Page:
Mesothelioma is a deadly cancer that attacks the membrane around the lungs. While symptoms often start out mild, the condition quickly progresses ultimately leading to fatality. The aggressive progression of the condition often means friends and loved ones see the quick deterioration of the victim’s health. It is not uncommon for these individuals to worry about the possibility of contracting the disease.
As a deadly condition, mesothelioma is not contagious. Nor is mesothelioma hereditary. Individuals can only contract the disease due to the inhalation or ingestion of asbestos fibers. Even though asbestos is a naturally occurring mineral, when miners, factory workers, auto mechanics, home renovators or workers in other heavy industries inhale or ingest the fibers, it leads to a catastrophic illness.
What is secondary exposure?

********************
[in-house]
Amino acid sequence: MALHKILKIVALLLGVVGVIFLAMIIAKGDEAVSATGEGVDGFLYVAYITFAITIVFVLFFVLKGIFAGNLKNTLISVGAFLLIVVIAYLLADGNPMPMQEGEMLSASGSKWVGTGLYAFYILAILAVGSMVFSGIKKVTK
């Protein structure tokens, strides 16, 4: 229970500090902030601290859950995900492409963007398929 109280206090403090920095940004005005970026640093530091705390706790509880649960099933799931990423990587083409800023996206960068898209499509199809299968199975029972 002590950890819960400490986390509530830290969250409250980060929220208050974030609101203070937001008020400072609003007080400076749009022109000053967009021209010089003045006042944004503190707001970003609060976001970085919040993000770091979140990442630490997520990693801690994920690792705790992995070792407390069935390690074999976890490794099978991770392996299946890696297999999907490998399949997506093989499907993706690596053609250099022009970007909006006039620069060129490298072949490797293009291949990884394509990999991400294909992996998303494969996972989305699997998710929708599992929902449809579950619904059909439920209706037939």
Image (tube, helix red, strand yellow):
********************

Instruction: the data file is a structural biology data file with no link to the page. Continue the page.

Even though the disease is not contagious, individuals with no direct contact to asbestos at the workplace can contract it. This often occurs through secondary exposure. One common example of secondary exposure is the following:
- Over the course of a work shift, a young man is exposed to asbestos fibers which lodge themselves in the material of his clothing. When he goes home to hug his wife and children, he transfers these fibers from his clothes to theirs. These family members are in danger of mesothelioma based on secondary exposure.
What are common symptoms of mesothelioma?
Unfortunately, mesothelioma shares numerous symptoms with other conditions. Due to this overlap, medical professionals often struggle to arrive at the correct diagnosis in a timely manner. Early symptoms of mesothelioma can include:
- Shortness of breath
- Dry cough
- Chest pains
- Unexplained weight loss
- Abdominal pain
- Persistent coughing
Since exposure to asbestos, either primary or secondary exposure, is the only known cause of mesothelioma, medical professionals do not consider the condition contagious. Unfortunately, this does not diminish the severity of symptoms or deadly consequences of the disease.